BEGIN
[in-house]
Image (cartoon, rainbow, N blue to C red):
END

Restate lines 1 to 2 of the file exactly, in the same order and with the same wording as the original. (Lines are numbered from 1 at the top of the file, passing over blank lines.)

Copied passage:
[in-house]
Image (cartoon, rainbow, N blue to C red):